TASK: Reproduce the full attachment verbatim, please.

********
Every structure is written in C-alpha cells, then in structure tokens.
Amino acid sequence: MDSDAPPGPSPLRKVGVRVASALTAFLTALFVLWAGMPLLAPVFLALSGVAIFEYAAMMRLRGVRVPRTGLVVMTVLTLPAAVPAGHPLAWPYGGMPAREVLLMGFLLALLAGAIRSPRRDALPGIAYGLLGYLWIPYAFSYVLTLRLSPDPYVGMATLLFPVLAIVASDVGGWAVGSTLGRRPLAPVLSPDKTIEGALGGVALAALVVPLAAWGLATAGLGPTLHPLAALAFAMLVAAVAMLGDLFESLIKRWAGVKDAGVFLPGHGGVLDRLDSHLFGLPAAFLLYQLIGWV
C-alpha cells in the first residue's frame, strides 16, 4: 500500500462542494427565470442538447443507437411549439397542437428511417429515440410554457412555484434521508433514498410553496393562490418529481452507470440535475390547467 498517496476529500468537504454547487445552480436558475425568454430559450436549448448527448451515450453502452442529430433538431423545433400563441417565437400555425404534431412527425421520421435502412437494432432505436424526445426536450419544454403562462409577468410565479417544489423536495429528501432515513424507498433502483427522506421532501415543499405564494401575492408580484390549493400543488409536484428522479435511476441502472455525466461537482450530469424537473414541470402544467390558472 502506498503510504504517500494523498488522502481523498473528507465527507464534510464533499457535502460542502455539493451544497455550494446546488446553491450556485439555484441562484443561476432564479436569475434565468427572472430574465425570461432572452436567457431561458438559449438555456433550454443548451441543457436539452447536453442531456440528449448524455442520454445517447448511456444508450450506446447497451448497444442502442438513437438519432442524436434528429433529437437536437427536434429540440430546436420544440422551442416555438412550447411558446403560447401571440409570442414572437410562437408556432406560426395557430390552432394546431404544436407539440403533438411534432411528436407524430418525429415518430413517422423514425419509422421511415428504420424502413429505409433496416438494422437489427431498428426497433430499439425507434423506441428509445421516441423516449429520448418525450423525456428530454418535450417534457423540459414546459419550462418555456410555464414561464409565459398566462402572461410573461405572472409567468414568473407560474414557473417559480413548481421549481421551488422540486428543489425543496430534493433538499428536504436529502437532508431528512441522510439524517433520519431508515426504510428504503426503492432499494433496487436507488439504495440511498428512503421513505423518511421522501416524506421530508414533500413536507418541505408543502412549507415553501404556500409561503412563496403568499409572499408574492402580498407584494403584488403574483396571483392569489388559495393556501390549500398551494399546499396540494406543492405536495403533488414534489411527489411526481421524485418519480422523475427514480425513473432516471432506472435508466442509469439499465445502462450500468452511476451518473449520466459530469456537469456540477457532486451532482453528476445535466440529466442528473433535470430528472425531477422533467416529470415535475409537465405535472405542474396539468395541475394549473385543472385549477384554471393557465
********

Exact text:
Every structure is written in C-alpha cells, then in structure tokens.
Amino acid sequence: MDSDAPPGPSPLRKVGVRVASALTAFLTALFVLWAGMPLLAPVFLALSGVAIFEYAAMMRLRGVRVPRTGLVVMTVLTLPAAVPAGHPLAWPYGGMPAREVLLMGFLLALLAGAIRSPRRDALPGIAYGLLGYLWIPYAFSYVLTLRLSPDPYVGMATLLFPVLAIVASDVGGWAVGSTLGRRPLAPVLSPDKTIEGALGGVALAALVVPLAAWGLATAGLGPTLHPLAALAFAMLVAAVAMLGDLFESLIKRWAGVKDAGVFLPGHGGVLDRLDSHLFGLPAAFLLYQLIGWV
C-alpha cells in the first residue's frame, strides 16, 4: 500500500462542494427565470442538447443507437411549439397542437428511417429515440410554457412555484434521508433514498410553496393562490418529481452507470440535475390547467 498517496476529500468537504454547487445552480436558475425568454430559450436549448448527448451515450453502452442529430433538431423545433400563441417565437400555425404534431412527425421520421435502412437494432432505436424526445426536450419544454403562462409577468410565479417544489423536495429528501432515513424507498433502483427522506421532501415543499405564494401575492408580484390549493400543488409536484428522479435511476441502472455525466461537482450530469424537473414541470402544467390558472 502506498503510504504517500494523498488522502481523498473528507465527507464534510464533499457535502460542502455539493451544497455550494446546488446553491450556485439555484441562484443561476432564479436569475434565468427572472430574465425570461432572452436567457431561458438559449438555456433550454443548451441543457436539452447536453442531456440528449448524455442520454445517447448511456444508450450506446447497451448497444442502442438513437438519432442524436434528429433529437437536437427536434429540440430546436420544440422551442416555438412550447411558446403560447401571440409570442414572437410562437408556432406560426395557430390552432394546431404544436407539440403533438411534432411528436407524430418525429415518430413517422423514425419509422421511415428504420424502413429505409433496416438494422437489427431498428426497433430499439425507434423506441428509445421516441423516449429520448418525450423525456428530454418535450417534457423540459414546459419550462418555456410555464414561464409565459398566462402572461410573461405572472409567468414568473407560474414557473417559480413548481421549481421551488422540486428543489425543496430534493433538499428536504436529502437532508431528512441522510439524517433520519431508515426504510428504503426503492432499494433496487436507488439504495440511498428512503421513505423518511421522501416524506421530508414533500413536507418541505408543502412549507415553501404556500409561503412563496403568499409572499408574492402580498407584494403584488403574483396571483392569489388559495393556501390549500398551494399546499396540494406543492405536495403533488414534489411527489411526481421524485418519480422523475427514480425513473432516471432506472435508466442509469439499465445502462450500468452511476451518473449520466459530469456537469456540477457532486451532482453528476445535466440529466442528473433535470430528472425531477422533467416529470415535475409537465405535472405542474396539468395541475394549473385543472385549477384554471393557465